Two papers from the Intel Berkeley Research Lab collaboration will receive the NSDI (Networked Systems Design and Implementation) Test-of-Time award. The first paper “ Trickle: A Self-Regulating Algorithm for Code Propagation and Maintenance in Wireless Sensor Networks”, authors Philip Levis, University of California, Berkeley, and Intel Research Berkeley; Neil Patel, University of California, Berkeley; David Culler, University of California, Berkeley, and Intel Research Berkeley; Scott Shenker, University of California, Berkeley, and ICSI, won best paper when it appeared in 2004. The second paper is titled “ Operating System Support for Planetary-Scale Network Services”, authors Andy Bavier, Princeton University; Mic Bowman and Brent Chun, Intel Research; David Culler, University of California, Berkeley; Scott Karlin, Steve Muir, and Larry Peterson,Princeton University; Timothy Roscoe, Intel Research; Tammo Spalink and Mike Wawrzoniak, Princeton University.
Pieter Abbeel is the recipient of the National Science Foundation (NSF) 2014 Faculty Early Career Development Award. This is NSF's most prestigious award in support of junior faculty who exemplify the role of teacher-scholars through outstanding research, excellent education and the integration of education and research within the context of the mission of their organizations. Prof. Abbeel's work under this award will be on "Apprenticeship Learning for Robotic Manipulation of Deformable Objects."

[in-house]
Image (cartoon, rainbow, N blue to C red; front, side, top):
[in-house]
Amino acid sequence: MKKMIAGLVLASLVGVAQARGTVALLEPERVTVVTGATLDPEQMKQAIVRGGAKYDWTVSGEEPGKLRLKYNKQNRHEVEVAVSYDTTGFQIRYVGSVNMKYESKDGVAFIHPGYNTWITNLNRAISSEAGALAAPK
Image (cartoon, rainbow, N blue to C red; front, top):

Prof. Emeritus George Turin recently passed away, more information will be shared at a later date. Prof. Turin joined the EECS faculty in 1960 and served as chair of the department from 1980-83 and later served as Dean at UCLA before returning to UCB. He also served as Vice President, Technology, of Teknekron Corporation, a Bay Area firm he helped found in 1968. Teknekron specialized in starting high-technology firms with close links to researchers in universities and other research institutions. He also served as a consultant to numerous industrial and government organizations.
This weekend, BERKE1337 (UC Berkeley's cybersecurity competition team) placed first in the Western Regional Collegiate Cyber Defense Competition! Over 18 hours, the team defended a highly misconfigured and insecure network against a professional team of attackers, all while keeping services up and constantly adding new features. The team will be proceeding on to the National Collegiate Cyber Defense Competition in San Antonio, TX at the end of April. More information on the competition and the team's experiences there will be posted soon on their website.
Tsu-Jae King Liu has been awarded the 2014 Semiconductor Industry Association (SIA) University Researcher Award. Each year, the SIA University Research Award recognizes faculty whose record of professional contributions has been influential in setting directions for integrated circuit technology chosen by their peers at the SIA. The SIA is the leading voice for the semiconductor industry and has represented U.S.-based manufacturers since 1977. SIA member companies comprise more than 90% of U.S.-based semiconductor production.